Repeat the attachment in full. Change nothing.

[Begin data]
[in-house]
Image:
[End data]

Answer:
[in-house]
Image: